(Last Updated on : 16/10/2013)
Applique comes from the French word applique, which means to "put on". It involves the art of decorating a cloth using glass pieces, metals pieces, wood, gemstones
, cloth pieces etc. Applique with fabrics involves placing one layer of fabric over another and sewing it in place. Metals, glass pieces or gemstones are also stitched on the fabric in the same way. Applique is mostly practiced in the western states of India like Rajasthan
, in the eastern coast of Orissa
. It has provided some of the most beautiful Indian fabric art including bed spreads, lampshades, wall hangings and many more. Among the traditional textiles, the art of Applique work occupies a distinguished place.
Origin of Applique
The roots of Applique art are intertwined with the rituals and traditions of Lord Jagannath
, the presiding deity of the Puri temple
. Applique items were mainly used during processions of the deities in their various ritual outings. Applique was traditionally practised by a caste of professional tailors, known as 'Darjis'. This art was initially an integral part of the folk art of Gujarat. In ancient times, articles produced by this craft were prevalent among kings and emperors. 'Shamiana' and 'chandowa' were the two principal items of this craft which are still in use for all religious and social ceremonies.
Technique of Applique
Applique is a technique in which patches of coloured fabrics are superposed on a plain basic fabric. Patches of different motifs are cut out from clothes. For multiple patches of same design, stencils are used. These patches are then stitched on the base cloth in predetermined layouts and sequences. Edges of the patches are sewn beautifully. Sometimes small pieces of fabrics are stitched together, side by side, to form larger designs or to repair damages. While sewing, the edges of the motifs are turned in and are skilfully stitched over the base cloth. The edges are sometimes sewn simply with exclusive embroideries, without turning them in. The patches are also decorated with beautiful embroideries and mirror works. Different types of embroideries used in Applique work are bakhia, taropa, ganthi, chikana, button-hole, and ruching.
Motifs in Applique Art
Originally the art of Applique hovered around the temples and its festivals in the form of large and decorated umbrellas, tents and pavilions. However, nowadays these also find their utility in beach and garden umbrellas, lampshades, canopies for parties and public gatherings. The motifs used in Applique work are generally stylised representations of flora and fauna as well as a few mythical figures. Various designs used in this art are elephant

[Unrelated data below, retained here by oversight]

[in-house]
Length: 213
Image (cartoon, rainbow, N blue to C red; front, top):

s, parrots, peacock
s, ducks, creepers, trees, flowers, celestial structures and many more. Vibrantly coloured motifs include peacocks with their tails unfurled, elephants with a rider, or a horse carrying a warrior, in addition to floral patterns. The Applique work of Bihar, also known as khatwa, is well known for decorative tents and canopies used for ceremonial occasions. The designs on tents are the usual Persian type trees, flowers, animals, birds etc. The kanatas carry stylised forms of trees with juxtaposed animals at the base.
Applique Work in Gujarat
Gujarat applique is mainly based on patchwork in which coloured and patterned fabrics are finely cut out in different sizes and shapes. These are sewn together on a plain background to form a composite structure. The whole charm of Applique lies in the contours of each individual inset piece. The stitches done on each individual bit are not always hidden. They often enhance the beauty of this art. In fact, threads of gaudy colours are usually used to make them more prominent.
Applique Work in Bihar
Applique work is extensively practiced by the women of Bihar. It is an interesting legacy of olden times when a variety of kanatas, shamianas, canopies and tents, with different types of brocades and patch-works were prepared. Even in today's world, the shamianas with Applique work are a fashion. The designs and motifs generally prepared on the kanatas require pieces of the clothes stitched on a basic material with a few rough stitches. The base clothes are generally of dark hues and motifs of contrasting colours are stitched on them. Joining of colourful clothes together is also a common practice in the making of shamianas. Gorgeous shamianas are the manifestations of combined efforts of the craftsmen where men cut out the patterns to be stitched and women are engaged in the entire stitching. Applique is also practiced on garments. Energy and passion seem to find expression through the vibrant hues which provide the key to the mood and the tempo of Applique work.
Applique art can be traced on a range of artefacts including traditional umbrellas, canopies, saris, cholis, household linen, tents and pavilions, beach and garden umbrellas, lampshades, shoulder bags, wall hangings, bed covers, pillow covers, letter pouches, torans, chaklas, shamiana, chandowa, cushion-cover, curtains, tea cosies, table cloths, blouse pieces, sari borders and many more. Different artefacts of alluring designs furnished by the artisans of different parts of India attract people from all over the world.